There is a problem in two respects. The First is that Renfrewshire had just about the worst financial settlement in Scotland. This is because the SNP is trying to shift money to the better-off areas which normally vote SNP. And yet our SNP council sits silently and refuses to complain.

The second problem is a lack of action locally. In Glasgow despite it’s many deep rooted problems, progress is being made. We need a similar determination to Glasgow’s to start addressing the problem. We need to demand more money from Alex Salmond’s government. If we fail, we should not be surprised when we see a rise in the social costs and problems which come from increased deprivation

I think the most striking thing about these comments is that Mr Henry seems to have not noticed that… well… we are in the middle of the worst recession since World War 2… at least. Money is tight, no one has money. 2006 probably marked the start of things going wrong, while 2007 saw the first signs. Both Barclays and Northern Rock went to the bank of Last Resort for loans, guess who kept their name out of Robert Peston’s reports then. Oh and Fred the Shred was about to make a critical blunder.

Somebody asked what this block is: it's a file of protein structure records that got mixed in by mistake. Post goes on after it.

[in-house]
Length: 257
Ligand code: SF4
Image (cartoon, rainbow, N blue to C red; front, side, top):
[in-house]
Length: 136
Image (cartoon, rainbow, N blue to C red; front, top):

The other thing that Mr Henry seems to have missed out is his proof that the SNP are moving money to their pet areas. When Renfrewshire was run by New Labour, they would never do such a thing… apart from all the spending showered on Ferguslie Park… and Johnstone… oh and Shortroods. Sure houses in Glenburn had nice canopies installed and double Glazing put in, followed by Central heating. But that was all in a period between 1998 and 2000. Did I mention that Glenburn was represented by 2 SNP councillors during this period? Of course New Labour promised a re-generation fund of £50 million before the 2007 elections. Has this money disappeared into the great big PFI hole in Cotton Street, or was this more New Labour spin with no substance?